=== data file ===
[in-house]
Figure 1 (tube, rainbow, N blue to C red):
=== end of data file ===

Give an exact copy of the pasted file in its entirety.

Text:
[in-house]
Figure 1 (tube, rainbow, N blue to C red):